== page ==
Long story short, double down on what’s working and ignore the rest until you’re profitable. Move faster, too. I should have moved faster on a lot of important things. In hindsight, I probably should have let people go faster instead of trying to let them hang around and protect their paycheck.
What I learned is that as a business owner, you obviously want to protect your employees. But you can’t try to play God or anything like that. This is why layoffs are a thing. Sometimes, you have to do what’s necessary to preserve the company. You may have to let people go, and you will definitely have to make tough decisions.
My advice: make the tough decisions faster. Don’t be afraid to do that, because there’s no silver bullet that’s going to get you there. It’s all about persistence.
At many points at Single Grain, during that 2-year turnaround period, I could have chosen to give up. Even in the first year when I didn’t own the company yet, I could have chosen to give up. I could have thrown in the towel.
Ironically, before I came to Single Grain I wanted to see if I could save a company that was on its way down. This wasn’t the smartest move on my part.
Think of it this way: if you want to go from -$100 to +$100, you have to make $200. But if you go from $0 to +$100 you just have to make $100. From an investment standpoint, it’s far easier to start from zero and get into the green than it is to start in the red and do the same thing. When you do that, all the momentum is working against you.
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That’s what happened with Marissa Mayer and Yahoo. She was very well equipped to run that company and she turned it around a little bit in the beginning—but it was too little too late. Eventually Yahoo was sold to Verizon and it was a pretty significant loss at the end of the day.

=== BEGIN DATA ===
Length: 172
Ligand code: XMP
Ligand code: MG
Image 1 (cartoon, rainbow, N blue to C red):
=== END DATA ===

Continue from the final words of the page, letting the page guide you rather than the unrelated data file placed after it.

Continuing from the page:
Even though Single Grain is now successful, my recommendation would be to start from scratch as a business owner rather than buy and try to fix a failing business. But if you’re going to try to save something or grow something that’s stagnant, you’ve got to power through it. That’s ultimately the best recommendation I can give as a fellow business owner.
Most people give up too quickly. Most people throw in the towel too easily because they can’t take the pain. But if you can take the pain and you can weather the storm, you’re going to be that much better at business than 99% of the competition.
This post was adapted from Eric’s Facebook Live videos: Growth 90 – DAILY live broadcasts with Eric Siu on marketing and entrepreneurship. Watch the video version of this post:
Hello everybody, today our guest is Misha Chellam, the founder of Tradecraft, which is a full-time, in-person, immersive training program—sales, marketing, growth marketing and design—for people who want to break into the startup community.
Today we’re talking about how what Misha learned from launching a rock band, a commercial real estate company, and a medtech startup, how they acquired their first 100 members through word of mouth, and why grads from 2 years ago are still getting value from the Tradecraft relationship.
Download podcast transcript [PDF] here: How Tradecraft Produces World Class Tech Talent For Growing Companies In Just 12 Weeks TRANSCRIPT